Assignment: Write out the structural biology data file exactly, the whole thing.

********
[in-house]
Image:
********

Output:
[in-house]
Image: